In group UP, the probe was oriented longitudinally to obtain a parasagittal oblique view of the lumbosacral spine, in which the L2–L3 to L4–L5 interlaminar spaces were identified by counting upward from the sacrum. The locations of the interlaminar spaces were identified by visualizing the LFD and the PLL. The angulation at which LFD and PLL were best visualized was considered the optimal angle for needle insertion, and was clearly communicated to the resident, in addition to the distance from skin to dura. The interlaminar space was then centered on the US screen and a skin mark was made on the patient’s back at the intersection point of 2 lines joining the midpoints of long and short borders of the probe.
In group UM, the transducer was applied in the parasagittal plane, and after identification of the intervertebral levels as described above, the probe was rotated 90 degrees to obtain the TM view. Similarly, the angle at which the LFD and PLL were best visualized was noted. The resident was also informed about the direction of the probe and depth to the dura. A skin mark was placed on the patient’s back at the intersection point of 2 lines joining the midpoints of long and short borders of the probe.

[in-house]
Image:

For all three groups, if the first attempt was unsuccessful, further attempts could be made at the same interspace. No more than 3 attempts were permitted to the residents, after which the attending anesthesiologist was given the option to use an alternative technique and/or another interspace. All residents used a 25 G Whitacre 90-mm, pencil-point spinal needle through a 20 gauge introducer, and patients received heavy bupivacaine 0.5% (12–15 mg).
The primary outcome measure was the rate of successful dural puncture on the first needle insertion attempt. Any additional needle attempt is defined as a complete withdrawal of the introducer needle from the skin and subsequent reinsertion. This differs from a needle redirection which is defined as an incomplete withdrawal of the needle from the patient’s skin and change in its insertion path.